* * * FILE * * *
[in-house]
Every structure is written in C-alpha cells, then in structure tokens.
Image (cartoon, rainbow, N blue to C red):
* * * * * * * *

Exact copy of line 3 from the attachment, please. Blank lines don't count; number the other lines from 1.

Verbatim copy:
Image (cartoon, rainbow, N blue to C red):